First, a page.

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International Journal of Interdisciplinary Research

Performance of wearables and the effect of user behavior in additive manufacturing process

Abstract

Additive manufacturing (AM) which can be a suitable technology to personalize wearables is ideal for adjusting the range of part performance such as mechanical properties if high performance is not required. However, the AM process parameter can impact overall durability and reliability of the part. In this instance, user behavior can play an essential role in performance of wearables through the settings of AM process parameter. This review discusses parameters of AM processes influenced by user behavior with respect to performance required to fabricate AM wearables. Many studies on AM are performed regardless of the process parameters or are limited to certain parameters. Therefore, it is necessary to examine how the main parameters considered in the AM process affect performance of wearables. The overall aims of this review are to achieve a greater understanding of each AM process parameter affecting performance of AM wearables and to provide requisites for the desired performance including the practice of sustainable user behavior in AM fabrication. It is discussed that AM wearables with various performance are fabricated when the user sets the parameters. In particular, we emphasize that it is necessary to develop a qualified procedure and to build a database of each AM machine about part performance to minimize the effect of user behavior.

Introduction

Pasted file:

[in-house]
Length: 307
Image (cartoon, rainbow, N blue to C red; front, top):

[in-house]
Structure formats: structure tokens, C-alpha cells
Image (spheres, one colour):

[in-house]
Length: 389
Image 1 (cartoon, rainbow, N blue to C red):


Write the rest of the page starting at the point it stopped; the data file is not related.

Additive manufacturing (AM) is well-known as technology to fabricate customized consumer goods (Kwon et al. 2017). Specifically, AM can be a suitable technology to customize wearables and AM has been applied to the wearable industry, a high value-added business because functionality, arising from various anthropometric dimensions and a range of different human needs, can be materialized. For example, personalized running shoes are developed by AM (Silbert 2019), and the world record was broken by a marathoner wearing ultralight weight footwear (Burfoot 2019). The wearables worn by human would demand tensile and tear strength, a high degree of flexibility, low density, and strong resistance to moisture and chemicals, considering human characteristics. The pressure of human tissue ranges from 1 to 500 kPa when considering body movements by humans ranging from a finger touch to standing posture (Yeo & Lim 2016). AM can materialize the characteristics by adjusting the degree of part performance such as mechanical properties if high performance is not required (Croccolo et al. 2013). However, the unexpected attenuation of performance is caused by the change of mesostructure and anisotropy affected by the AM process parameter (Es-Said et al. 2000). When fabricating AM wearables, thus, the AM process parameter can impact the overall durability and reliability of the part. In this instance, a human adjusts AM process parameters and subsequent human behavior can play a crucial role in the performance.